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Artikelnummer 385
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THE FALL OF BERLIN (1949) * with switchable English subtitles *

Mikheil Chiaureli, Mikheil Gelovani, V. Savelyev and M. Petrunkin
$13.99

THE FALL OF BERLIN (Padeniye Berlina)  (1949):

Entertaining, but rather simplistic, film about the war on the Eastern Front, which ultimately led to a Soviet victory in 1945.  It is obvious from the rich, pastel colors of this film, as well as the equipment used in the film's scenes, that no expense was spared in the production of this work.  Viewers with a poor to mediocre understanding of postwar politics will probably be offended by quite a bit of what is shown in the film:  Hitler is shown as a simpleminded buffoon, who, at one point in the film when he loses his temper, is patronized by both Goebbels and Goering and told he is tired and needs to take a rest;  Wehrmacht generals are shown standing up to Hitler and telling him, as early as the offensive on Moscow in 1941, that it is impossible to beat the Soviet Union;  Churchill is shown as a double-crossing, hunchedback creature intent on carrying forth the battle against Bolshevism after Hitler's defeat, no matter what the cost to world peace; and an advisor to the British government is shown visiting Goering in Germany in 1943 to negotiate the sale of chrome and tungsten to shore up Germany's war effort.  It doesn't help that the British representative openly declares that the western Allies have done everything possible to help Germany in its war against the USSR by purposely delaying the opening of a second front in western Europe.  Interestingly, while the Soviet Union was in an all out (cold) war with the west by the time this film was made, Stalin's personal affection for President Roosevelt is clearly shown in the sympathetic portrayal of FDR in the Yalta Conference scene.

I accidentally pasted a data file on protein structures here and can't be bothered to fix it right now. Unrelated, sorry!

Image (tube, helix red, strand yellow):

This film is much less about historical fact finding or setting the record straight about the USSR's contribution to the defeat of fascism in the Second World War than it is about "drawing the lines".   It is none-too-subtle about convincing even the simplest of viewers that the western Allies in 1949 were simply the heir to Nazism's plans vis-a-vis the peaceloving peoples of the Eastern Bloc.  Still, if you can get past the gross distortions of history and the disgustingly obvious adoration of history's worst mass murderer (Stalin), the film is well worth the investment.


DVD-R IS IN RUSSIAN WITH OPTIONAL ENGLISH SUBTITLES.  
APPROXIMATELY 151 MINUTES.  

THERE ARE MINOR SOUND ISSUES AND THE PICTURE IS NOT THE SHARPEST  (which is OK, because Stalin wasn't the brightest bulb in the box of dictators), BUT OVERALL, IT'S QUITE WATCHABLE AND WORTH THE INVESTMENT.

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